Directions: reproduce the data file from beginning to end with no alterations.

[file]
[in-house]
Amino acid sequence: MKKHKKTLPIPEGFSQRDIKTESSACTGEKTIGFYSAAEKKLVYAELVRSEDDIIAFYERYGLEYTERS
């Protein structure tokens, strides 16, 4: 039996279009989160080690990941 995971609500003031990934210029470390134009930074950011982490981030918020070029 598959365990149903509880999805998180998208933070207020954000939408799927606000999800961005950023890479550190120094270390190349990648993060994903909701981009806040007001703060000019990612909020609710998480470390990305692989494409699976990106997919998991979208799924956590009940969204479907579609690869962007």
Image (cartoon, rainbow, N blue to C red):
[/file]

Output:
[in-house]
Amino acid sequence: MKKHKKTLPIPEGFSQRDIKTESSACTGEKTIGFYSAAEKKLVYAELVRSEDDIIAFYERYGLEYTERS
């Protein structure tokens, strides 16, 4: 039996279009989160080690990941 995971609500003031990934210029470390134009930074950011982490981030918020070029 598959365990149903509880999805998180998208933070207020954000939408799927606000999800961005950023890479550190120094270390190349990648993060994903909701981009806040007001703060000019990612909020609710998480470390990305692989494409699976990106997919998991979208799924956590009940969204479907579609690869962007």
Image (cartoon, rainbow, N blue to C red):